Review: Red Handed – The Fine Art of Strange Crimes

Matt Kindt is one of the comic industries greatest creators… ever. He’s already left his mark with his ongoing series Mind MGMT at Dark Horse and now he’s releasing a hardcover book entitled Red Handed from First Second Printing. This book is genius and I don’t know if I’ll even be able to explain a fraction of what’s happening in this story, but I’m going to give a shot. I couldn’t possible give the book a review such as, “buy and read it for yourself… you’ll see how great it is.” No, that simply won’t fly for something as marvelous as Kindt’s creation.

If I were to explain this in the simplest way possible I would say that it’s an argument about right and wrong and if blindly following the law to the “T” makes you a good person or just an observer to other people’s struggles. Of course it’s also incredibly difficult to say that that is all that it’s about. As with Kindt’s other works, it’s about the people in the story as much as it is anything else. What’s also common in the material Kindt produces, he uses several layers of plot and interconnecting relationships to show how connected everyone in the world really is. I wasn’t being facetious when I said that this book was marvelous, I whole heartedly meant it.

The story opens with a women quitting her job at a diner and walking out with one of the bar stools. When she gets home she begins narrating about her life and it’s important because she has a collection of stolen chairs… a massive collection. From there she decides to call in some favors and heads to a prison where she steals the electric chair. As her chapter of the story ends she tells the reader that she thinks this will be her last one.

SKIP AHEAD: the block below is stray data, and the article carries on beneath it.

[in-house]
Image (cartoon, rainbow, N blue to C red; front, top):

The next story is titled “Jigsaw.” It follows a man as he seduces a woman and becomes a part of her life all so that he can steal a painting from her home. The man is emotionless with his narration and tells the reader that he’s essentially acting for the sake of the role and has no real interest in relationships and it’s clear that the only feeling he has is emptiness. He takes the painting one night after the woman has fallen asleep and simply puts it in the back of his convertible and drives off. Then instead of selling the painting or even keeping it for himself; he cuts it up into small paintings and sells those pieces. It’s so well received and he makes so much more money off of it that he buys more pieces and does the same thing over and over.  Eventually though, he’s caught by our main character of the story Detective Gould, for the original crime that started his career as the woman finally turns him in.

It’s important to let you know the ending of that story and Detective Gould’s involvement because the entire book actually revolves around him. He and one other character are what make the story so interconnected. We cut to a conversation which also becomes the norm after each individual tale has completed. This is where the debate of right and wrong happens and both sides of the argument are very convincing which only works to prove that everything is not so black and white.